A lot of the buildings are pretty expensive to run and maintain. In Peoria we've been selling some buildings, or looking into arrangements to allow other agencies to use them, and there just aren't any takers. We sold a huge building on a big piece of land in a dense part but depressed of the city -- it went for $10 at auction, and not only is nobody using it, but the salvage guy who bought it decided it isn't even worth the cost to take salvage out of it. It's sitting there being a fire trap and I'm sure an attractive nuisance for local kids being stupid.

The other issue is that land that public bodies own aren't on the tax rolls, and that's really tough for large urban districts that are landlocked (can't grow by acquiring more land because other cities/school districts butt up against all their borders), especially if they have a lot of blighted areas.

"This just jumped out at me: excuse my naiveté, but does this mean that it's a normal thing for Chicago elementary schools to go without libraries, books, and air conditioning? Jesus."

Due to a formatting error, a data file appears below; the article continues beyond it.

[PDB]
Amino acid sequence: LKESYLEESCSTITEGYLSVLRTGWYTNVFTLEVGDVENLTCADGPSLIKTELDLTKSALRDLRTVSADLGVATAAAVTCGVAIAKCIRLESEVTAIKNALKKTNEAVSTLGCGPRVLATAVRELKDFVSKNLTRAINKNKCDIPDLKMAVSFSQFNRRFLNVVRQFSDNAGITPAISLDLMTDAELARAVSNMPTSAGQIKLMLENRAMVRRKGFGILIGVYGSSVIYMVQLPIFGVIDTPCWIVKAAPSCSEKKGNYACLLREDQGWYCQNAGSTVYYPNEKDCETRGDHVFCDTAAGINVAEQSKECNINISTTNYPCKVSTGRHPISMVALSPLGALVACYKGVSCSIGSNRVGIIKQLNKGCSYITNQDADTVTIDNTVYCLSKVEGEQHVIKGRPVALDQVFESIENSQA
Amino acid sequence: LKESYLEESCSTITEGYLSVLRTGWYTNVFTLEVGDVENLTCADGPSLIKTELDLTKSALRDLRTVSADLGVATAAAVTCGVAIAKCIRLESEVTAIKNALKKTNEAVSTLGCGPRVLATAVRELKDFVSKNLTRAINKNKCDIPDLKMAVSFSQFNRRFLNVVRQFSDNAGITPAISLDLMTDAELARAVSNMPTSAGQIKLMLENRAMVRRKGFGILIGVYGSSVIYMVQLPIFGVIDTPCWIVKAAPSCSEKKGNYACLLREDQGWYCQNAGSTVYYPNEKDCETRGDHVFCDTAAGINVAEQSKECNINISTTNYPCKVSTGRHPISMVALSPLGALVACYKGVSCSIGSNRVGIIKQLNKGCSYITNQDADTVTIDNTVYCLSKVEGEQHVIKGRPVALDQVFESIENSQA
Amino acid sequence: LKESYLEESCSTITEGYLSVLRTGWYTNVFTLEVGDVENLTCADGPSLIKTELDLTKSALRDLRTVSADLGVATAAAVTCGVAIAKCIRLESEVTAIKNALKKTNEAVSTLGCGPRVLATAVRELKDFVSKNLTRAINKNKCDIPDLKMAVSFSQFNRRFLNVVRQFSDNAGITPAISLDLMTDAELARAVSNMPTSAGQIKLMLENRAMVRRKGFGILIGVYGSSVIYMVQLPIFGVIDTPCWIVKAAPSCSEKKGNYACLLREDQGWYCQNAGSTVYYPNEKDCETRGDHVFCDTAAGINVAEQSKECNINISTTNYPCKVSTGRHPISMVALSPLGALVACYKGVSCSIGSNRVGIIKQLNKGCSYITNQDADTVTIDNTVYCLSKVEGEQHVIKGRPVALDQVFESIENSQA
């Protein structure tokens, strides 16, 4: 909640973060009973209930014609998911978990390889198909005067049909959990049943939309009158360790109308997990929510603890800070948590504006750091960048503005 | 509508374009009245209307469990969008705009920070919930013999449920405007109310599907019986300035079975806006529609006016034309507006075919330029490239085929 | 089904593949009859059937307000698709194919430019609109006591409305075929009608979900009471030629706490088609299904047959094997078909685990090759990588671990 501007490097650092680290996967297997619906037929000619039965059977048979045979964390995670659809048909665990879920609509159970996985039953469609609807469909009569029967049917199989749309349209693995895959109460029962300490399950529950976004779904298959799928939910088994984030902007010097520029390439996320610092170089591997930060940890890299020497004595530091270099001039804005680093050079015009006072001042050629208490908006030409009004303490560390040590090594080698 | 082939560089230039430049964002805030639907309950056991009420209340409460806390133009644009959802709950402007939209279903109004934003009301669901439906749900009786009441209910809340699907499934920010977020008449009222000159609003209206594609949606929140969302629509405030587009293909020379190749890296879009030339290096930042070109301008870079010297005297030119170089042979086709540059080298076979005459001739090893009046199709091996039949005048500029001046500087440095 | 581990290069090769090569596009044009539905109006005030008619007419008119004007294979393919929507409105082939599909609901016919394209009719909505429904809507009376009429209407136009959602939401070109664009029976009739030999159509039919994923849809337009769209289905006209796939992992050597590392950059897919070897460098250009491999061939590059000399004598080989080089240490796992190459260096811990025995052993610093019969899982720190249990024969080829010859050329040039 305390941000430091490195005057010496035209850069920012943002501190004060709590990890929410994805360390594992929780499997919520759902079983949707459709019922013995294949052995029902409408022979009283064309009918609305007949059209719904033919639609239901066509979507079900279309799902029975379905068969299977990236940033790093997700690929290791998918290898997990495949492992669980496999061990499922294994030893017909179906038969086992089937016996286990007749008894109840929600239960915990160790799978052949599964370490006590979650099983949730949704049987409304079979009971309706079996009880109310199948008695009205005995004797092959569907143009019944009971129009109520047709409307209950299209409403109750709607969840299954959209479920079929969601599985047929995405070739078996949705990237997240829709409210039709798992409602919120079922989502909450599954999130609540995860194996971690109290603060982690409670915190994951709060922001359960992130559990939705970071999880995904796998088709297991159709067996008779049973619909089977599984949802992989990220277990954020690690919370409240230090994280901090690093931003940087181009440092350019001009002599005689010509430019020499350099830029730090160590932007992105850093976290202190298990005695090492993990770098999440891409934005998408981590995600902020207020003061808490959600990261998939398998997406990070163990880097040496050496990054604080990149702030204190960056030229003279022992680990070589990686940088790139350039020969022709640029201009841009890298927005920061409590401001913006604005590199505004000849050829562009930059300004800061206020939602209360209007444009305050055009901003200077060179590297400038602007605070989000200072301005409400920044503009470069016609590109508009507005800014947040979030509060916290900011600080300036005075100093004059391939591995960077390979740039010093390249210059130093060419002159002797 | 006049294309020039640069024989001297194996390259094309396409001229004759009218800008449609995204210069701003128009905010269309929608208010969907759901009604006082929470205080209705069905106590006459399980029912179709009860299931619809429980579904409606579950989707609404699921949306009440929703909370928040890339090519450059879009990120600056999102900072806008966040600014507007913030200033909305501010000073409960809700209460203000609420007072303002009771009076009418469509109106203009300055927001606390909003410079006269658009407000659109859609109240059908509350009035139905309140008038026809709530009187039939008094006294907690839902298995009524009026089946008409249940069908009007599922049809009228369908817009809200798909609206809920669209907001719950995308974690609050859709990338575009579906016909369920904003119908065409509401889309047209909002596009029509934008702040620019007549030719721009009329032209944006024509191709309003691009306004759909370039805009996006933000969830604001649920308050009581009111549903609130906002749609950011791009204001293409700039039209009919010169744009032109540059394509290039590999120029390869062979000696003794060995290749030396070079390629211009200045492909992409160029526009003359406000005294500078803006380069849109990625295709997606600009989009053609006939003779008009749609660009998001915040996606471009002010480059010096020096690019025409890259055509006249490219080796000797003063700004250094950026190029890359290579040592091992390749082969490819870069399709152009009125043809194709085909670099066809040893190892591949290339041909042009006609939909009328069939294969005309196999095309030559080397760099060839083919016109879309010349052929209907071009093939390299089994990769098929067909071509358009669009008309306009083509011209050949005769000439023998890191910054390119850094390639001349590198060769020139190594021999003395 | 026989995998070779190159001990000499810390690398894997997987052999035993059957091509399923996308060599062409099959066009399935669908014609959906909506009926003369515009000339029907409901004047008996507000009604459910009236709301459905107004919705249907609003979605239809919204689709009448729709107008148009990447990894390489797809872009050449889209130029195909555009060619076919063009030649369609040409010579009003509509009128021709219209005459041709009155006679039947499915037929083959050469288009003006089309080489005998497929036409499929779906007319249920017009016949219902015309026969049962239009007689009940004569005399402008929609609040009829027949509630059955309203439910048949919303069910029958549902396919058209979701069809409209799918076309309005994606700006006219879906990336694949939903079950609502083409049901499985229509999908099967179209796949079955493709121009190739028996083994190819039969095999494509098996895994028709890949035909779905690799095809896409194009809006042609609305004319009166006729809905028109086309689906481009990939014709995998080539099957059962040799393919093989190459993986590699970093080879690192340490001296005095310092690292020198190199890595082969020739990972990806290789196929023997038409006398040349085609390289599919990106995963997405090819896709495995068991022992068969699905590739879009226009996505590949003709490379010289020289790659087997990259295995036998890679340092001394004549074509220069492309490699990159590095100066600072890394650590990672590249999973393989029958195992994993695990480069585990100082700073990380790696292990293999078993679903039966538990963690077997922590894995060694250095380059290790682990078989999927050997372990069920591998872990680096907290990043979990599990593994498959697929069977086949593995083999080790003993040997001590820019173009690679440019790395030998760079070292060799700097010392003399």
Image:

Oh, God yes. In Peoria we're looking at around $34 million to air condition around a dozen elementary schools only. It's not cheap. The older kids will still sweat it out during summer school, if they're in year-round school, and during heat waves. We run a shortened-day "heat schedule" where they start school at 7 a.m. and finish at around 1 p.m., often for a full week or two at the beginning of the year, and then whenever it's nasty hot out. We also get a lot of narrative around, "When I went to school we just sweated! These kids don't need air conditioning!" Well, when you went to school there weren't expensive electronics all over the place needing cool air and throwing off heat, and the windows still opened -- windows have long since been sealed for energy savings -- and doors could be open for cross-breezes, which is a security risk. We have kids in buildings 80 years old with three floors and no opening windows. (Actually, the oldest non-opening-window building may be 60 now, not sure.)

We have 98,000 textbooks for 14,000 students. There aren't generally specific dollars allocated to textbook purchasing, and it comes out of what's called the "ed fund" in Illinois, which pays for teachers, textbooks, consumables, etc. Our budgets are so close to the bone, and state aid is so far behind and getting cut so hard, that it literally comes down to reducing teacher headcount to buy textbooks. (Textbook manufacturer bullshit that drives up prices is a whole different set of complaints.) It's really easy to let textbooks get older and older and older without updating, and some get lost and you can't get the old editions any more but if you start getting new ones you have to buy a whole new set ...